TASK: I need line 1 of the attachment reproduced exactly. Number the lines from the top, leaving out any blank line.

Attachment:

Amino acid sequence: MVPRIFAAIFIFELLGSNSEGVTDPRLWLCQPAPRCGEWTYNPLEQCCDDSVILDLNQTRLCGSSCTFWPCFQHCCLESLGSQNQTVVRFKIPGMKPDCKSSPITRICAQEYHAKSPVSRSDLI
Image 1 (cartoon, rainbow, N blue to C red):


Amino acid sequence: MVPRIFAAIFIFELLGSNSEGVTDPRLWLCQPAPRCGEWTYNPLEQCCDDSVILDLNQTRLCGSSCTFWPCFQHCCLESLGSQNQTVVRFKIPGMKPDCKSSPITRICAQEYHAKSPVSRSDLI